Conclusion: Our results indicated that zonisamide is as effective as topiramate in migraine prophylaxis and can be considered as an alternative treatment when topiramate is not tolerated well.
View Article and Find Full Text PDF

Download full-text PDF

Source
http://dx.doi.org/10.1097/WNF.0b013e318225140cDOI Listing
December 2011

Simple formulas for screening abnormal blood pressure in children and adolescents.

Iran J Kidney Dis 2010 Jul;4(3):250-2

Division of Nephrology, Department of Pediatrics, Guilan University of Medical Sciences, Rasht, Iran.

Childhood hypertension has been extensively focused on in the past decades because of its increasing incidence, which is related to physicians' awareness and the increasing number of obese children. Age, gender, and body size are the main determinants of blood pressure in children. The revised childhood blood pressure tables of the National High Blood Pressure Education Program are a prerequisite for classification of childhood hypertension. Although these tables provide a reasonable basis, they are intricate and height percentile is needed for final diagnosis. Many attempts have been done to decrease such complexity. We present new formulas that are concise and memorable, and will help physicians to screen prehypertensive and hypertensive pediatric patients.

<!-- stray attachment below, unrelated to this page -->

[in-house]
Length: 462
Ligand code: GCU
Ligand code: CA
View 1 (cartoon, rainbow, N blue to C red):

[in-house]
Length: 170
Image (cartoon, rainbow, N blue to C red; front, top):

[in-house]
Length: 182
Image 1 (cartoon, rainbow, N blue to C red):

View Article and Find Full Text PDF

Download full-text PDF

Source
July 2010

Childhood hypertension: new concepts, definitions, and diagnostic evaluations.

Iran J Kidney Dis 2008 Jul;2(3):123-6

Division of Nephrology, Department of Pediatrics, Guilan University of Medical Sciences, Rasht, Iran.

View Article and Find Full Text PDF

Download full-text PDF

Source
July 2008

Multicystic dysplastic kidney in association with congenital ichthyosiform erythroderma.

Iran J Kidney Dis 2007 Oct;1(2):102-4

Division of Nephrology, Department of Pediatrics, Guilan University of Medical Sciences, Rasht, Iran.

Multicystic dysplastic kidney is a noninherited congenital disease. Association of this disease with abnormalities of various organs is common. We, however, report a rare case of multicystic dysplastic kidney associated with congenital ichthyosiform erythroderma in an infant. Different developmental origins of the skin and the kidney can explain the scarcity of concurrent congenital skin and kidney abnormalities. Nonetheless, the development of both organs depends on mesenchyme-epithelial interactions for inductive signaling. It seems defects in the production of signaling molecules can explain such an association.
View Article and Find Full Text PDF

Download full-text PDF

Source
October 2007